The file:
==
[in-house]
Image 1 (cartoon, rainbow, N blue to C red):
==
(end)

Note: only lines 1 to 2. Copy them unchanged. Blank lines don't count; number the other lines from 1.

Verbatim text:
[in-house]
Image 1 (cartoon, rainbow, N blue to C red):